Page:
Some cases received were sent back, either to the institutions they had emanated from or given to oversight bodies who could deal with them, in what Madonsela on Monday said was the rationalisation of services among institutions.
“I am not responsible for everything that comes through, and that we sometimes take cases that are beyond our jurisdiction is a lie,” she said.
Madonsela is the subject of a parliamentary investigation following allegations of misconduct.
Her deputy, Mamiki Shai, claimed that Madonsela had changed findings on a report into the DA-led Midvaal municipality and deliberately withheld the report’s release until after municipal elections had been held.
At the weekend, Madonsela reacted with shock to the allegations, calling them dishonest, false, misleading and dangerous – but she welcomed the probe.
She was also accused of biting off more than she could chew, and on Monday she said: “That we take on more than we can handle is a lie.”
Madonsela was speaking to the media during the launch of Good Governance Week at the University of SA. The campaign is Madonsela’s initiative and is in its third year. It has been escalated to a national event to include other oversight bodies and organs of state, and it will see a gathering of delegates meeting for a two-day conference.
Monday saw keynote speakers like Minister of Co-operative Governance and Traditional Affairs Richard Baloyi and Deputy Justice Minister Andries Nel address the opening of the conference, themed “Responsive service delivery through ethical governance”.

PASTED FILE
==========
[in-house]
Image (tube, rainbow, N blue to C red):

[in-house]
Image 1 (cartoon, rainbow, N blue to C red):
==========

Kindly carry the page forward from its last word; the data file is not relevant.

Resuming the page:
It was organised with the support of the German Technical Support Agency GTZ, and on Tuesday German ambassador Horst Freitag said reliable and sustainable service was essential for any society.
“Governments exist to serve people’s interests,” he said.
Baloyi told the gathering that the conference wanted to discuss responsive service. He said dialogue, in all situations, had proved to be one of SA’s strengths.
“As we listen to people and see them take to the streets to protest, when we see violence we realise that there is a demand that is not met. We need institutions to deal with these issues,” said Baloyi.
The government’s mandate to deliver good governance was outlined in the constitution. “We have to develop delivery-oriented public administration… and encourage the public to participate,” he added.
This week’s activities include a public lecture at Unisa and workshops at institutions of higher learning; unannounced visits at identified public service delivery points; visits to schools; interactions with rural communities; and outreach visits to shopping centres.
Madonsela said most of the ideals set out last year were not met, but a charter, which was meant to have been adopted by this week, was in the making.